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7 Questions with Mark Lacey
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7 Questions with Mark Lacey
Name: Mark Lacey
Current title: Vice President of Human Resources
Current Organisation: Save A Lot Food Stores
Mark Lacey serves as Vice President of Human Resources for Save A Lot Food Stores, where he uses his extensive leadership and organization development skills to create and define people-led strategies to meet varying business needs. Mark is passionate about setting change management direction in relation to talent while offering deep subject matter expertise to increase organizations’ performance and capacity to deliver results. Mark’s fervent drive for success has led him to hold roles as a visionary HR leader for multiple transformational companies, including Topaz Energy Ltd (now Circle K), Lidl Ireland, Lidl US, and Vodafone. Since joining Save A Lot in 2017, Mark has promptly built a cohesive and inclusive community of leaders while building a talent pipeline that aligns with hiring needs and ongoing business objectives.
Mark was the creator of many frontline transformative leadership development programs and initiatives for Lidl that were later recognized nationally. Lidl Ireland was awarded three awards by the Irish Institute of Training & Development at their annual National Training Awards, including an award for ‘Best L&D Initiative for a Large Organization’ and ‘Best Learning & Development Organization in Ireland’. At a national level, these awards not only showed the caliber of the learning initiatives that were created by Mark Lacey but also propelled Lidl’s reputation as an employer of choice who invested in their people.
Mark was also recognized as the US Retail HR Leader of the Year in 2019. Mark has proven himself as an international HR Leader by his ability to overhaul the HR organization at Save A Lot in a short time frame, clearly link people to the overall business performance strategy, and make considerable advances in the HR metrics and transformational goals for his organization.
1. What have you found most challenging as a CEO or executive of a large enterprise?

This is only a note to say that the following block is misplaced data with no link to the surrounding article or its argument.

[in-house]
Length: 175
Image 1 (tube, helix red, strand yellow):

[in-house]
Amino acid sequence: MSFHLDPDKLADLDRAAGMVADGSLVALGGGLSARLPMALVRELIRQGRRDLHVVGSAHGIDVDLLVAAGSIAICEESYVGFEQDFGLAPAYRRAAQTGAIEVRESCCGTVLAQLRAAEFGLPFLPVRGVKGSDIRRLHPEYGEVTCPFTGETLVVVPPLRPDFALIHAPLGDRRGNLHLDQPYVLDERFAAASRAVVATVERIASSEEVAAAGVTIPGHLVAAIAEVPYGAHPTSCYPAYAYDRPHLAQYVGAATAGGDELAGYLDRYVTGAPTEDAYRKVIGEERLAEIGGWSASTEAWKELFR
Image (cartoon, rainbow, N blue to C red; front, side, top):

Leading people through times of change, navigating periods of uncertainty and keeping them connected to the overall goals or objectives of the organization
2. How did you become a CEO or executive of a large enterprise? Can you please briefly tell the story?
Hard work, perseverance, and discipline. I have a strong drive and motivation to succeed. I set myself goals, big and small, and achieve them through my own determination and desire to accomplish. I embrace the unknown, I learn on and off the job. I stay relevant with industry, current trends and competition and I see every challenge as an opportunity.
I have worked from a very young age and get satisfaction through helping people. I like to serve others and found myself working in large organizations that are service led. Within these organizations (McDonalds Ireland & Circle K) I was recognized and rewarded for my hard work and efforts. I was accepted, and found a 'happy home' where I could be myself, gain and master my skills and was afforded more and more responsibility.
The responsibility given, as a Crew Trainer in McDonalds, and then a Shift Lead allowed me, at an early age, to manage people. I found this was something I enjoyed and came naturally to me. Over time, I honed my leadership skills, worked up the corporate ladder and eventually worked my way into HR, and have delivered bottom line results, with and through people, for nearly 20 years.
3. How do you structure your workdays from waking up to going to sleep?